Talks between the Development Ministry and commerce associations regarding changes to the framework of sales and offers by retailers will enter the final straight next week.
The ministry’s aim is to bridge a longstanding gap between various trade professionals and if possible formulate a legislative framework by the end of the year.
This mission is not at all easy, it would appear, as the different views among tradesmen are not just due to the different sizes of their enterprises, but also to location. A high-level ministry official who is participating in the negotiations says that “tradesmen even disagreed on which of the two Sundays shops would open around Christmas, December 23 or 30.”
In recent months, besides the standoff between representatives of small and medium-sized commerce enterprises and major retail chains, there is also disagreement between the Athens Traders Association (ESA) and the other tradesmen’s associations, as well as the national Confederation of Hellenic Commerce (ESEE).
These disagreements are due to differences in buying habits in each area and could be dealt with via the partial liberalization of the market’s operating framework in favor of allowing local traders’ associations to decide themselves for their own areas and not have to heed orders from the central administration.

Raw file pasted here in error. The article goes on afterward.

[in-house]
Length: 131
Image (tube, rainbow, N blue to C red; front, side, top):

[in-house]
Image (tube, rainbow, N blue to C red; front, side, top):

These differing views are reflected in a survey of 105 traders’ associations conducted by ESEE, in which the entrepreneurs were asked for their opinion on sales, offers and the issue of Sunday opening.
The survey found that 78.7 percent are in favor of retaining the current system of two sales periods per year. However, ESA is in favor of four sales periods per year, one every three months, which is also favored by the Development Ministry.
Regarding special offers, 82.7 percent believe they should be limited and 10.7 percent want the current system to be opened up completely. As for Sunday opening, tradesmen are strongly against it, with 86.7 percent saying they do not want any changes to the system of one Sunday per year. Some 5.3 percent would prefer shops to open two Sundays every year, while ESA has instead proposed six Sundays of work for retailers per year.
There is no doubt that conditions in Greek commerce are today very different to 2005, the last time that the retail framework was changed.
This in itself constitutes a good enough reason for its review, so as to prevent any arbitrary self-regulatory moves by entrepreneurs themselves.